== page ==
Agriculture Reference
In-Depth Information
Pepper plants love the sun. To grow great peppers you want to pick a spot in your
garden that gets a good deal of sunlight, at least 8 hours a day. If the plants get less than
this amount, they can grow weak. The ideal spot is also one that will provide some de-
gree of shelter from the wind. Pepper plants when growing are sensitive to temperature -
both air temperature and soil temperature. Peppers in general love the heat, especially at
the early stages of growth, however there is a temperature range in which they perform the
best. This range is approximately between 54 o F/12 o C and 95 o F/35 o C. Should temperatures
drop below 54 o F/12 o C, especially at night, the plant can grow more slowly, or its flowers
may drop off (the flower you may recall is the precursor to the pepper itself). Similarly high
temperatures can also negatively affect the plants, in terms of reduced yield and outright
production of a crop. Should daytime temperatures rise above 95 o F/35 o C or nighttime tem-
peratures stay above 80 o F/26 o C, this may cause flowers to drop off the plant, or it may pre-
vent viable pollen from being produced (which in turn will prevent fertilization and pepper
production). If you live in an area of high temperatures, don't be put off. You can still grow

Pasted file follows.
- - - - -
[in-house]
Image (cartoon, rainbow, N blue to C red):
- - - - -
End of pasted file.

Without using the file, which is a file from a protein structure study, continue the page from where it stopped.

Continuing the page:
great peppers with many options open to you. You can look at planting heat-tolerant vari-
eties which can withstand higher temperatures better. Alternatively you can use a cloche
or cover to provide shade and reduce the temperature during the extreme midday sunlight.
Such a cover is typically a frame with a cloth covering. These are available at your local
garden store or can be readily purchased cheaply online. In such climates it is important to
keep your growing plant happy; this will be dealt with in Chapter 6. It is important to pick
a growing spot in your garden which will allow your plant to receive at least 7-8 hours of
direct sunlight, but one that does not cause the plant to get scorched. If you live in such
an area with high summer temperatures, think about areas in your garden which may re-
ceive the less harsh morning sun, but get some shade during the afternoon, or areas in your
garden that are north- or west-facing and so receive less intense sunlight. On the flip side
you may live in a temperature with much more modest temperatures. Again, do not fear
- you will still be able to grow perfect peppers. Cold-tolerant varieties of peppers can be
grown, or you can use a greenhouse/poly tunnel to increase the local growing temperature.
Peppers do not tolerate frost and will be killed by it. Therefore make sure you
plant/transplant your pepper plants after all chance of frost has passed. Peppers grow
well in warm soil, therefore ensure the soil has reached a temperature of at least
60-65 o F/15-18 o C.To ensure your seedlings are going in to warm soil, you can do two
things. Firstly 3-4 weeks prior to planting, dig up your planting patch and work the top soil
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